British Police Searching for Illegal Nude Photos Keep Catching Desert Screensavers Instead

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A general view shows dunes in the Liwa Oasis, southwest of the Emirati capital, Abu Dhabi, on December 1, 2015. KARIM SAHIB/AFP/Getty Images

British cops hope that within two or three years, artificial intelligence will be able to spare humans from the horrific trauma that comes with pouring through tens of thousands of images of potential child abuse. The digital forensics department of the Metropolitan Police can already scan successfully for things like guns or drugs, but according to the Telegraph it has a little work left to do when it comes to spotting child pornography.

"Sometimes it comes up with a desert and it thinks its an indecent image or pornography,” Mark Stokes, the Met's head of digital and electronics forensics, told the Telegraph. "For some reason, lots of people have screen-savers of deserts and it picks it up thinking it is skin color."

This was reasonably funny as a story arc on Arrested Development, when photos purported to be of an Iraqi landscape turned out to show merely a pair of testicles. But the sooner that AI becomes sophisticated enough to separate images of sexual abuse from ones of the desert, the better. Human bodies are a good deal less uniform than more easily recognizable shapes like guns. Attempts by AI to flag images of child abuse in the past, as Gizmodo explained, have variously turned up not just images of sand dunes but everything from dogs to donuts.

The issue of where to store the images is no less complicated. As the Telegraph explained, storing them with any cloud provider like Apple leaves them potentially vulnerable to hacking. Still, Stokes told the Telegraph that providers such as Amazon or Microsoft might ultimately be the best-suited, due to their colossal security budgets.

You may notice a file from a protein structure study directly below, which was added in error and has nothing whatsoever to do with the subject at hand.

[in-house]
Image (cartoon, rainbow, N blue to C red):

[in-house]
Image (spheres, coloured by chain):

"We have been working on the terms and conditions with cloud providers, and we think we have it covered," Stokes told the Telegraph. That's not exactly a guarantee, however. The 2014 Apple cloud hack led to the widespread invasion of privacy among celebrities whose personal photos became publicly accessible.

The potential for AI to monitor graphic content has been a fraught subject for years. It can work in part by scanning videos for tags associated with things like child porn, as Wired explained earlier this year.

In 2016, an interdisciplinary team of academics developed a new tool called Identifying and Catching Originators in P2P Networks, or iCOP. The idea was to design something that could flag illicit content as soon as it was uploaded, rather than having to wait for it to become linked to databases already associated with child porn.

“The existing tools match the files that are being shared through existing databases, but our program detects new data,” computational linguist and project leader Claudia Peersman told Vocativ. “If you look at peer-to-peer networks, images are shared at a pace that’s just not feasible for any human to go through [manually].”

A separate Wired report from 2014 found that on the dark web—a portion of the larger area of the web that search engines can’t link to—80 percent of searches were related to sexual abuse of children. In recent years, large online platforms like Facebook have introduced AI algorithms specifically for flagging child porn or nudity. YouTube recently took down more than 150,000 videos following a BuzzFeed News investigation. The social video-sharing platform will be employing more humans, not software programs, to help monitor illegal and abusive corners, according to the Washington Post.